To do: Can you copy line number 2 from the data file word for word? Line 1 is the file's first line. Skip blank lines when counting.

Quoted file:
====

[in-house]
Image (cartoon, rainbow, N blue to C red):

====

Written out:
Image (cartoon, rainbow, N blue to C red):